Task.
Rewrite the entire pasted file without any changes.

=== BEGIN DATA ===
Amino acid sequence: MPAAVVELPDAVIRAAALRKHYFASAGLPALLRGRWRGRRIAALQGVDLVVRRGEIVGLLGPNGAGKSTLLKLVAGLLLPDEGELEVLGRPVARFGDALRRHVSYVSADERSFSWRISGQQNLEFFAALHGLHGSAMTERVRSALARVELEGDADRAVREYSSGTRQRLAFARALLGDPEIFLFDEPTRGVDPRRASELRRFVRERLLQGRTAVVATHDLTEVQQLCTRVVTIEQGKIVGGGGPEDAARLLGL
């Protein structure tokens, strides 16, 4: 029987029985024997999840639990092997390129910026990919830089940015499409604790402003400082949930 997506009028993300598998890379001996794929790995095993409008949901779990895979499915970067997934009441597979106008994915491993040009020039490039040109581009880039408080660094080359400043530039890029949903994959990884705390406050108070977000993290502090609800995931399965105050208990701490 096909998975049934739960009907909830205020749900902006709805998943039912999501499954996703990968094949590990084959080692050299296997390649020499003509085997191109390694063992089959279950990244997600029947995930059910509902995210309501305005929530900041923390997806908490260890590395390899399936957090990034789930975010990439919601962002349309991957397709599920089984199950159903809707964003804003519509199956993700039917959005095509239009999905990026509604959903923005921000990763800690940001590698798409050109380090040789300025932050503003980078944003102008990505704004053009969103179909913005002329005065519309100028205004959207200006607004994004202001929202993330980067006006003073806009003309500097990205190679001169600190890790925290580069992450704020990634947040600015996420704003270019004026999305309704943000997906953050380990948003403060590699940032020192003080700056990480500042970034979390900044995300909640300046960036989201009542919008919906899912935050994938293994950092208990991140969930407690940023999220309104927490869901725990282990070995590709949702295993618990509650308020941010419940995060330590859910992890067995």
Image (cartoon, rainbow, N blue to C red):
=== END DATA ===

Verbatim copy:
Amino acid sequence: MPAAVVELPDAVIRAAALRKHYFASAGLPALLRGRWRGRRIAALQGVDLVVRRGEIVGLLGPNGAGKSTLLKLVAGLLLPDEGELEVLGRPVARFGDALRRHVSYVSADERSFSWRISGQQNLEFFAALHGLHGSAMTERVRSALARVELEGDADRAVREYSSGTRQRLAFARALLGDPEIFLFDEPTRGVDPRRASELRRFVRERLLQGRTAVVATHDLTEVQQLCTRVVTIEQGKIVGGGGPEDAARLLGL
């Protein structure tokens, strides 16, 4: 029987029985024997999840639990092997390129910026990919830089940015499409604790402003400082949930 997506009028993300598998890379001996794929790995095993409008949901779990895979499915970067997934009441597979106008994915491993040009020039490039040109581009880039408080660094080359400043530039890029949903994959990884705390406050108070977000993290502090609800995931399965105050208990701490 096909998975049934739960009907909830205020749900902006709805998943039912999501499954996703990968094949590990084959080692050299296997390649020499003509085997191109390694063992089959279950990244997600029947995930059910509902995210309501305005929530900041923390997806908490260890590395390899399936957090990034789930975010990439919601962002349309991957397709599920089984199950159903809707964003804003519509199956993700039917959005095509239009999905990026509604959903923005921000990763800690940001590698798409050109380090040789300025932050503003980078944003102008990505704004053009969103179909913005002329005065519309100028205004959207200006607004994004202001929202993330980067006006003073806009003309500097990205190679001169600190890790925290580069992450704020990634947040600015996420704003270019004026999305309704943000997906953050380990948003403060590699940032020192003080700056990480500042970034979390900044995300909640300046960036989201009542919008919906899912935050994938293994950092208990991140969930407690940023999220309104927490869901725990282990070995590709949702295993618990509650308020941010419940995060330590859910992890067995």
Image (cartoon, rainbow, N blue to C red):